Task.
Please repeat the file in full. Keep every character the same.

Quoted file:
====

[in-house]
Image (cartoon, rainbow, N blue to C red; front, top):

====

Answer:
[in-house]
Image (cartoon, rainbow, N blue to C red; front, top):